Edit: My son reminded me we went and looked at Tu Geminorum, a carbon star in Gemini and not far from M35. The moon hid some of the color I think but a pretty red orange star. There are a couple in Orion I need to hit also after full moon.

Here are my sketches of NGC 2362. The first one is from last year, the next one is from last night and one other night. The first is too loose and the second too tight. I used the 21mm, 13mm Stratus and 9mm Expanse on these.

January 29th, 2009





























































Enhanced NGC 2362 in GIMP. I like this one, as it shows Tau's influence on the cluster:

1/20/2010

Experience with Faulkes and Messier 1

On Friday, January 15th, 2010 I had the wonderful and delightful opportunity to meet with other members of the Salt Lake Astronomical Society in downtown Salt Lake as we met to use the Faulkes North Telescope. The Faulkes North Telescope is located at Haleakala HI, and is a 2m or 2 meter Reflector. Information on the Faulkes Telescope and program can be found here. Arriving there I joined other members of the society as we went through a list of possible targets. We were able to whittle the target base down to a couple objects thinking that less was more. Our first target, and the only target we focused on was Messier 1 (M1), the Crab Nebula. We ended up using our hour and half on the scope taking a variety of images that included a Hydrogen Beta, OIII, Hydrogen Alpha, RGB Composites and Air Exposures. Conditions were really good that night, with 6% humidity, clear skies and great seeing the resulting image is considered very stellar. Tyler Allred, an outstanding imager of astronomical objects (his website is here) complied the image. I'll load it below but you can see it at Tyler's website under under his latest images. Roger Fry, our club Vice-President and Chair of our Faulkes Committee arranged the details and we met at Bob Moore's office. Huge kudos to both Roger and Bob for arranging and hosting, and to Tyler for creating the image.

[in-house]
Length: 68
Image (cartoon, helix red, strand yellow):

The Crab Nebula and the associating Pulsar that is the what is left of the giant star that exploded in 1054 and was first noted by Chinese Astronomers as a guest star in the night sky. it was visible in daylight for 23 days, and 653 days to the naked eye in the night sky. The supernova was visible during the daytime for 23 days and for at least 653 nights to the naked eye. The Anasazi probably recorded the star as found in modern day Arizona and New Mexico and in Chaco Canyon National Park (see this link for more information on the Anasazi drawings and this link). It also needs to say that this is only one view of what this image represents and it is questioned by some experts.